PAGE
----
- College of Medicine Internal Medicine Residency
“Thank you” is such a simple expression but one that can be easily forgotten in the intense world of in-patient hospital care. And nowhere is that communication more important than between nurses and doctors. Nurses too often feel invisible to physicians – even though they have closer relationships with patients and are responsible for providing minute-to-minute care.
During Nurses Appreciation Week recently, College of Medicine resident physicians did something to change that dynamic. At the Orlando VA and Osceola Regional Medical Centers where they treat patients, the young doctors handed out cards that read, “Dear Nurse, We appreciate you. THANK YOU on behalf of the UCF/HCA Internal Medicine Residency Program, all residents and faculty” and thanked each nurse they encountered.
Dr. Abdo Asmar, who leads the internal medicine residency program, came up with the idea to encourage interprofessional connections and help residents understand the importance of other care providers. “If the doctor is the leader of the care team, then he or she should be the one who leads in showing gratitude and appreciation,” he said. “We need to role model that a single act of kindness goes a long way. At the end of the day, everyone wins – especially the patients we share.”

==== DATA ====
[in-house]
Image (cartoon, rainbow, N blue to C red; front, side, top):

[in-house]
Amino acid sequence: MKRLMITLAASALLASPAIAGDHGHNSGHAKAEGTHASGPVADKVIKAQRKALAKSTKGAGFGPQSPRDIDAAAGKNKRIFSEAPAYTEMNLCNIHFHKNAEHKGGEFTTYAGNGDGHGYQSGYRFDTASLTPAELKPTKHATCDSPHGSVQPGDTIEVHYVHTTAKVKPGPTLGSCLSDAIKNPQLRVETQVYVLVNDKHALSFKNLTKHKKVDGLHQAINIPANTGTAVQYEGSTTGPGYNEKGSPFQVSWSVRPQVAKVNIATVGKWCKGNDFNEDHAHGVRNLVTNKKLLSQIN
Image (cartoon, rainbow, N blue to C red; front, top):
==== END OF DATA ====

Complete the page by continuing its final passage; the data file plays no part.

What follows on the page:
Maxine Rehder is a nurse manager for inpatient medicine at the VA. She said nurses were thrilled with the cards. Some were brought to tears and many placed the cards at their work stations. “Nurses were talking about it all day long,” she said. “The thank you cards were meaningful to so many people. That simple card told all of us, ‘They see me. The doctors see me.’”
A team including Rehder and Asmar is working to increase and improve communication between residents and nurses. The more nurses and physicians work together, the more they will understand each other’s roles, Asmar said, and improving interprofessional teamwork will ultimately improve patient care.
Rehder agreed. “The doctor who gave me my thank you card knew my name – and that matters,” she said. “This is a sign of the progress we’re making.”